If you’ve ever noticed that film around the bottom of your teeth, that’s plaque. Ideally, you would brush it off at night and in the morning, but you won’t be able to get all of it with a toothbrush. That’s why dentists recommend dental floss. Floss can get in between those harder-to-reach spaces. However, if the plaque is allowed to build up long enough, it enters into the gumline creating small pockets. The pockets can be measured by dentists to determine how far along your periodontal disease has progressed. In this article, we’ll discuss gum pocket measurements and what they mean.
Periodontitis, also known as gum disease, is a bacterial infection in the mouth. While the bacteria won’t kill you, they will feed on the food stuck in between your teeth. They will also feed on your gums. Eventually, when they eat enough of your gums, they will leave a small pocket in which more food can get stuck. In other words, once gum disease starts, it creates all the factors necessary to spread.
The pockets themselves are filled with plaque, tartar, and bacteria which force their way between the gums and the teeth. This causes the gums to recede, eventually resulting in tooth loss. If the gum disease is allowed to continue to spread, it can actually damage the jawbone. Untreated, the bacteria are relentless.
Measuring Pocket Depth
Taking a measure of the pocket depth can indicate how advanced a current periodontal infection is. For those who have ever had a deep cleaning, you likely remember your dentist taking measurements and assigning numbers.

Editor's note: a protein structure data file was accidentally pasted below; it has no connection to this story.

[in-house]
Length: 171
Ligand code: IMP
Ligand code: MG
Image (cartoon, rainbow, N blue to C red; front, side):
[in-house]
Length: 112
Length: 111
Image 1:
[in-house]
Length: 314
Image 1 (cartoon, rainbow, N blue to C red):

A pocket depth of one to three millimeters indicates a healthy mouth. A pocket depth of four indicates periodontal disease. Anything above four indicates advanced periodontal disease.
Treatment for Periodontal Disease
Periodontal disease is easier to treat the earlier you catch it. However, most folks only make their way to the dentist after years of not worrying about it. So dentists often have our work cut out for us. Nonetheless, there are treatments regardless of how advanced your gum disease is, but you’re more likely to want to avoid them than rely on them.
Non-surgical treatments include scaling and root planing. Essentially, your dentist will remove plaque and tartar from below the gums and smooth out the roots so that gunk has more difficulty collecting there.
Advanced cases of periodontitis will require more aggressive treatments. This is because the bacteria can begin attacking the jawbone causing problems for your bite and making it more difficult to restore lost teeth. In advanced cases, bone or tissue grafts may be necessary to repair the damage.
Regardless of how advanced your gum disease is, these treatments prove much more effective when the patient makes major changes to their oral hygiene.
Talk to a Cottonwood, AZ Dentist Today
If you’re concerned about your gum disease, call the Cottonwood dentists at Peak Family Dental Care today to schedule an appointment and begin correcting the problem immediately.